Rome

Saltimbocca veal

When it comes to food, the Eternal City has something for all tastes. Dishes of local origin include saltimbocca alla romana — veal that's wrapped with prosciutto and sage, then cooked in wine and butter. There's also carciofi alla romana, a dish of stuffed artichokes, and trapizzino, a pocket of pizza bianca that's crunchy on the outside and filled with ingredients like meatballs and eggplant parmigiana. Anther Roman invention is pizza al taglio — pizza sold in rectangular or square slices.

Rome has some fantastic foodie neighbourhoods to explore. Not far from the Pantheon, the busy squares of Piazza Navona and Campo de' Fiori are full of places to eat and drink, although many are aimed at tourists. Head away from the two piazzas, though, and you’ll discover hidden gems where the locals eat. The Testaccio area, between Piramide Metro station and the Tiber, is home to coffee bars, patisseries, delis, and pizzerias, as well as Testaccio Market, where you can pick up local produce and street food. Mercato Trionfale, near Vatican City, is Rome's largest food market, and sells fresh fish, meat, fruit, and vegetables, plus handmade pasta, honey, jam, and much more.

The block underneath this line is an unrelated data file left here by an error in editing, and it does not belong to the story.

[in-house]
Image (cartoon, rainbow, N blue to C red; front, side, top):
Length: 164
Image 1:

Milan

Pastries in Milan

Milan doesn't always get credit as a food destination, but many of Italy’s best-known dishes come from the city. Northern Italy is a major rice producing region, and one local dish that's taken the world by storm is risotto. Risotto is said to have been created in the 16th century, when a local glassmaker added some saffron to rice to give it colour. Today, risotto alla milanese is one of the city’s signature dishes, and in addition to arborio rice and saffron, it contains butter, beef marrow, onion, wine, parmesan cheese, and broth.

Other dishes associated with Milan include cotoletta alla milanese (veal Milanese), which is similar to schnitzel, and trippa alla milanese, a hearty soup containing tripe, beans, vegetables, and tomato. The famous cake panettone comes from the city, while Gorgonzola, the town that lends its name to the famous blue-veined cheese of northern Italy, is within the Greater Milan area.